Peter Sanders, VP Field Applications Engineering at Napatech, looks at the importance of zero packet loss to a successful IDS deployment - measured by its effects on intrusion alert generation and file extraction.
I previously wrote a blog called, “Packet Capture the Complete Source to the Truth”, because I truly believe that packet capture is the ultimate source to the truth, as all the details are saved and can be inspected and analyzed over and over again, until the issues (if any) have been clarified or solved.
These days the world is rapidly getting virtualized, moving application and services into cloud environments, be it private, public or hybrid clouds. Because of this, the need for packet capture has only increased and become a bigger necessity. With this current trend, not only is the packet capture service going virtual, but is also being fitted into the cloud infrastructure to offer the same level of flexibility and scalability as the applications it monitors. Furthermore, it will also have to offer the capability to monitor all the data flowing between the virtual applications in the cloud, and this includes all the data packets that travel in and out of the servers and onto the network that interconnects the servers – known as North-South traffic, and all the data packets that travel between the virtual machines inside the individual servers – known as East-West traffic. The conclusion on this is that we need Packet-Capture-as-a-Service in order for it to be instantiated directly in the same cloud environment as all the applications, and we need it now.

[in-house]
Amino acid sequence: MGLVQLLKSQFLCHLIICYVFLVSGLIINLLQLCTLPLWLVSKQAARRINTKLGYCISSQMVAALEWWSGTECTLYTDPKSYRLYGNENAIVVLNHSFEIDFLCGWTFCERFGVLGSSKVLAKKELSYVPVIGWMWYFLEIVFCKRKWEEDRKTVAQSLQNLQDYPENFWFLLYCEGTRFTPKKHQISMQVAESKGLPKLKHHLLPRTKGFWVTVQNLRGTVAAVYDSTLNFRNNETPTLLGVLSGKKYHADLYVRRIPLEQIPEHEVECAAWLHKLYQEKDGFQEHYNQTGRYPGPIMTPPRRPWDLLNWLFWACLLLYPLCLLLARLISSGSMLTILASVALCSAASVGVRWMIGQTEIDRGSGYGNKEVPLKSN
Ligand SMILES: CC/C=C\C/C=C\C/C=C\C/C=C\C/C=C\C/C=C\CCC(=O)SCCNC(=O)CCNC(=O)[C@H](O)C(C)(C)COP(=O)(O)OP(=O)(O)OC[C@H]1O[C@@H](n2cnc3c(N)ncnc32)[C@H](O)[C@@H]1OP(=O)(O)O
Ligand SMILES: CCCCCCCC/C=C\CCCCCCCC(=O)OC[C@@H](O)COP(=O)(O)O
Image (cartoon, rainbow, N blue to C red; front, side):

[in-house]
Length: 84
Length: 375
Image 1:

In a cloud structure with a huge number of virtual applications running and a significant number of these being packet capture instances, it becomes very important how they are managed. Being able to get a group of packet capture applications to “work together” as one service, and making it easy to get access to all the captured data as one database that can be accessed through one common entity is a key feature. It is very important to remember that we are talking about a huge database here that will be measured in peta bytes for large customers.
This sort of scalability will be a key differentiator, as fast and easy access to data is very important when you need it. This calls for some sort of a distributed “database” scheme that can makes it possible to access and search a huge number of individual databases, that come from each packet capture instance, in a very fast and effective way. At Napatech, we already provide this type of support on our current packet capture applications and are currently researching the possibility of providing the service as part of virtual implementation. If we can offer this to our customers it would become key to utilizing captured data easily and effectively.
To make the access to the data even easier and faster to digest, it would be beneficial to not only have access to the raw packet data but also a flow database that will be smaller. This would also make it quicker to access and search, and when the correct flow has been identified the corresponding raw data packets can easily be retrieved from the packet database.
Packet capture is still the complete source to the truth – and maybe even more than before as applications are now coming, going and moving around, while we are also being subject to attacks that happen locally inside a single server, between applications. They can therefore, only can be detected through monitoring of the East-West traffic, which is also why we need to capture this data for any post analysis.
Another important thing with virtual environments is that when a cyberattack is detected, the applications involved in it are long gone and then packet capture is the only trace that exists along with any logs from the orchestration.